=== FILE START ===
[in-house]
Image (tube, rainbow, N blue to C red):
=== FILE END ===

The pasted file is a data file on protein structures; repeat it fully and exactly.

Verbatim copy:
[in-house]
Image (tube, rainbow, N blue to C red):